Thoughts: I was especially interested in this chapter because I have heard of the Wachowski brothers and their success before, and this chapter informed me how they became so successful.

 

Questions to Consider:

                  How else can one stir up and stimulate interest transmedia?

                  What are other specific, real-world examples that are similar to that of the Wachowski brothers and their influence in the transmedia world?

 

Citations: Jenkins, Henry. Convergence Culture: Where Old and New Media Collide. New York: New York UP, 2006. Print.

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“Free Culture”

 

Excerpts:

  • Today we are in the middle of another “war” against “piracy.” The Internet has provoked this war. The Internet makes possible the effi- cient spread of content. Peer-to-peer (p2p) file sharing is among the most efficient of the efficient technologies the Internet enables. Using distributed intelligence, p2p systems facilitate the easy spread of con- tent in a way unimagined a generation ago (Lessig 17).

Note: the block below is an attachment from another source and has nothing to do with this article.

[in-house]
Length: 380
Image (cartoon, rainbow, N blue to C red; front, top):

Notes:

  • In all of these cases, Disney (or Disney, Inc.) ripped creativity from the culture around him, mixed that creativity with his own extraordinary talent, and then burned that mix into the soul of his culture. Rip, mix, and burn. This is a kind of creativity. It is a creativity that we should remem- ber and celebrate. There are some who would say that there is no cre- ativity except this kind. We don’t need to go that far to recognize its importance. We could call this “Disney creativity,” though that would be a bit misleading. It is, more precisely, “Walt Disney creativity”—a form of expression and genius (Lessig 23).
  • We live in a world that celebrates “property.” I am one of those cel- ebrants. I believe in the value of property in general, and I also believe in the value of that weird form of property that lawyers diverse, and modern society cannot flourish without intellectual property (Lessig 28).